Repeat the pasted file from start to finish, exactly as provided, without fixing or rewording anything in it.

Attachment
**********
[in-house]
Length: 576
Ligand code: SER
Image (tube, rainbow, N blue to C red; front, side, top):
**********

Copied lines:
[in-house]
Length: 576
Ligand code: SER
Image (tube, rainbow, N blue to C red; front, side, top):